ABA urges cautious approach to single-family social bond policy

The American Bankers Association today filed comments in response to the Federal Housing Finance Agency’s recent request for input on a single-family social bond policy for Fannie Mae and Freddie Mac, with the association offering considerations should the agency further pursue the policy. In 2021, the two government-sponsored enterprises began multi-family affordable bonds under the framework of environmental, social and governance securities. ABA noted in its comment that while ESG investing has existed in different forms for a long time, the topic remains controversial. “Therefore, we believe it is important that FHFA proceed cautiously when considering developing any single-family social bond program,” the association said.

Pointing to the reactions to the agency’s loan-level pricing adjustments, ABA said that any government-directed efforts to achieve social outcomes can be controversial, especially if they are not well articulated or well understood. “A single-family social bond program could elicit the same (or greater) levels of controversy unless it is developed transparently and with broad public input that is provided through notice and comment, as well as public hearings,” the association said. “We would encourage FHFA to undertake a rigorous development and vetting process not unlike the effort that went into the creation of the uniform mortgage-backed security (UMBS).”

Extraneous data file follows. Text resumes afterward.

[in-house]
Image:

ABA also noted that the payments received by the GSEs from the sale of UMBS establish a broad, stable and liquid secondary market that vastly expands the availability of mortgage credit for low- and moderate-income borrowers. “Social bonds could undermine the functioning of the secondary market if they incentivize the GSEs or other market participants to purchase or price certain loans over others based upon their attractiveness for a social bond,” the association said. “Disruption to the fungibility of UMBS or to the functioning of the broader ‘to be announced’ market would undermine the entire secondary mortgage market. That must be avoided.”